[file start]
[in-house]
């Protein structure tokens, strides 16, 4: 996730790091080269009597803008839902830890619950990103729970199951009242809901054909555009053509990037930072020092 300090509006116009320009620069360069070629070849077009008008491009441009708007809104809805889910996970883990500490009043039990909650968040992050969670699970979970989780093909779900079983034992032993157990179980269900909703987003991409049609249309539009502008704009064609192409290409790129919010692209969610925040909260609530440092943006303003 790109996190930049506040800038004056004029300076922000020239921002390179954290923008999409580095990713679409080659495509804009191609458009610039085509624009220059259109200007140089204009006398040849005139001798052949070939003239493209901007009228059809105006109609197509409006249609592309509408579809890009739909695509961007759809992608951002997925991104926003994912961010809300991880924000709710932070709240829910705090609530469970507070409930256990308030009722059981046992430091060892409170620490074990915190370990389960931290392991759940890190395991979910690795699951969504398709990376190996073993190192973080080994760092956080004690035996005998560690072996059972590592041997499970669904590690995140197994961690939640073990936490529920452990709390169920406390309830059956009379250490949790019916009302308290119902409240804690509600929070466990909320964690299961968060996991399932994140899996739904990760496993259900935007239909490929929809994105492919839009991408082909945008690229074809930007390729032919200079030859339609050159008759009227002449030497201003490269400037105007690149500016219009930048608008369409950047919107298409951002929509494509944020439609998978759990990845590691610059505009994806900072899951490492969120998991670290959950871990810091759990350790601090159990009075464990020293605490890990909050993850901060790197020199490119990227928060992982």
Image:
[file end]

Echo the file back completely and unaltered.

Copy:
[in-house]
């Protein structure tokens, strides 16, 4: 996730790091080269009597803008839902830890619950990103729970199951009242809901054909555009053509990037930072020092 300090509006116009320009620069360069070629070849077009008008491009441009708007809104809805889910996970883990500490009043039990909650968040992050969670699970979970989780093909779900079983034992032993157990179980269900909703987003991409049609249309539009502008704009064609192409290409790129919010692209969610925040909260609530440092943006303003 790109996190930049506040800038004056004029300076922000020239921002390179954290923008999409580095990713679409080659495509804009191609458009610039085509624009220059259109200007140089204009006398040849005139001798052949070939003239493209901007009228059809105006109609197509409006249609592309509408579809890009739909695509961007759809992608951002997925991104926003994912961010809300991880924000709710932070709240829910705090609530469970507070409930256990308030009722059981046992430091060892409170620490074990915190370990389960931290392991759940890190395991979910690795699951969504398709990376190996073993190192973080080994760092956080004690035996005998560690072996059972590592041997499970669904590690995140197994961690939640073990936490529920452990709390169920406390309830059956009379250490949790019916009302308290119902409240804690509600929070466990909320964690299961968060996991399932994140899996739904990760496993259900935007239909490929929809994105492919839009991408082909945008690229074809930007390729032919200079030859339609050159008759009227002449030497201003490269400037105007690149500016219009930048608008369409950047919107298409951002929509494509944020439609998978759990990845590691610059505009994806900072899951490492969120998991670290959950871990810091759990350790601090159990009075464990020293605490890990909050993850901060790197020199490119990227928060992982």
Image: